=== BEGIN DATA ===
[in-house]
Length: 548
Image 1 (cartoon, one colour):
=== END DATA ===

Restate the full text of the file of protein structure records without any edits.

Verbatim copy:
[in-house]
Length: 548
Image 1 (cartoon, one colour):